Keate of Isleworth, was born at Trowbridge Wiltshire. In 1 7 5 3 he was called to the bar but he seems to have abandoned the Law and embarked on a Grand Tour in 1 7 5 4 when he was recorded living abroad in Geneva and Rome. Keate was clearly an active participant of the artistic milieu of

late 18th century society for in 1 7 6 6 he was elected a Fellow of the Society of Arts as well as a Fellow of the Royal Society. He was certainly known to Garrick, Walpole, Chute, Nollekens and Angelica Kauffman.

In the same year he married Jane Catherine, the daughter of Joseph Hudson a former Dutch Consul to Tunis. <


R o b e r t Adam's design reproduced by courtesy o f Sir J o h n Soane's M u s e u m , L o n d o n

32 The Keate coin cabinet

/ ;

It seems likely that Keate and Adam became friends during the Grand Tour as

A d a m had earlier designed the decorative frontispiece for Keate's meticulous album of

In 1777 A d a m provided a partly

had evolved from the wunderkammer

coloured drawing for a stand for a casket 1777,

of the

17th century and continued throughout the

watercolours in which he recorded his

inscribed For George Keate, Adelphi

travels. Keate's first dealings as a patron

which shows an elevation of a medal or

cabinets, the Badminton Cabinet,

with A d a m began in 1772 when he

jewel casket sitting on a richly ormolu

commissioned by the young D u k e of

commissioned him to produce drawings for

mounted stand in the most refined neo-

Beaufort in 1726, as well as the Manchester

a ceiling design" for the dining room at 8,

classical taste. It is not k n o w n if the casket

Cabinet. A more direct comparison may be

18th century with the most famous of these

Charlotte Street", Bloomsbury, L o n d o n ,

had been collected by Keate whilst in Italy

drawn with a later Florentine casket-on-

and for a pair of girandoles'". Further

in 1755 but the inlaid marble panels are of

stand"', at The Vyne, Hampshire, that

drawings for ' M i r r o r s " ' were supplied in

the highest quality and almost certainly

stands on an elaborately carved giltwood

1773 followed by more in 1777 for ceiling

originated from the G r a n d Ducal pietra

stand. The casket dating to 1740-5 was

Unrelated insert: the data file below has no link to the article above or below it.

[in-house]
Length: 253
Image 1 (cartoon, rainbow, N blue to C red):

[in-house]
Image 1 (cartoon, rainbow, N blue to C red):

designs for the Octagon r o o m and the

dura workshops of the Medici founded in

bought by J o h n Chute (1701-1776), a great

dressing r o o m . It is not clear if any of these

Florence in 1588 by Ferdinando I de

patron and arbiter of 18th century taste,

designs were executed as none of the

Medici. The wealthy and most sophisticated

w h o in around 1752 possibly commissioned

original ceilings or furniture remain at the

grand tourists, such as the diarist J o h n

the great FLnglish cabinet-maker W i l l i a m

house today. The friendship was to come to

Evelyn", collected these highly expensive

Vile to supply a suitable carved giltwood

an end when the ceiling in the Octagon

and elaborate panels, richly inlaid with

stand in the antique tradition. It is probable

collapsed and Keate entered into a long

semi-precious stones and marbles, and often

Keate may have k n o w n of this cabinet as

law-suit against A d a m which he lost to his

had them inset into elaborate cabinets on

contemporary correspondence indicates that

cost of ÂŁ 1 6 3 14s 4d.

their return. The tradition of such cabinets

the two collectors were acquainted. The two

The Keate coin cabinet 33

cabinets make a marvellous contrast, with the bold rococo design of Chute's cabinet on stand acting as a splendid foil to the detailed neo-classical restraint of Adam's twenty-five years later. THE DESIGN It can be no coincidence that Adam was commissioned by Keate so quickly after supplying the Manchester Cabinet. One can surmise that Adam had either alluded to the commission or Keate had learnt of it from his connections at the Royal Society. The jewel-like quality and attention to detail of the design, marquetry, proportion and neo-classical mounts is reminiscent of the exquisite small scale pieces produced at exactly the same time by the great French ebenistes such as Martin Carlin and Adam Weisweiller. Adam was certainly familiar with French furniture through his clients' collections and from his stay there during a Grand Tour in 1 7 5 4 - 5 8 . The smaller formal pieces of French furniture with their exquisite mounts might well have been his inspiration. The design, however, remains unusual for Adam as he combined the pietra dura, an art form associated with the 17th century, with that of late 18th century neoclassicism. The remarkable quality and excellent condition of the five panels used

on the four sides and lid of the casket is extraordinary. Panels tended to be made up of geometric patterns of rare marbles with the most expensive depicting pictorial images of birds, animals and townscapes. Judging by the construction of the casket it would appear that it was made in Italy possibly after the five panels had been carefully selected. T H E USE It is no longer clear whether the casket was originally fitted to house a collection of medals or jewels. However, in 1801 a mention was made by Francis Douce, the noted collecter and a neighbour, that he had bought lot 125 at Keate's sale which was a collection of 'Medal Boards made for a cabinet' for ÂŁ 7 10s. The fate of these boards is not known although the medals themselves are now at the Ashmolean Museum. Whatever the purpose, it was clearly intended to remain free standing in a central position to be admired from all sides and was possibly conceived as part of one of the decorative schemes supplied by Adam to Keate, indicated by the various designs he produced. It has been suggested that Keate proposed to use the Octagon Room as a small private museum room as was sometimes the fashion among dedicated collectors at the end of the 18th century.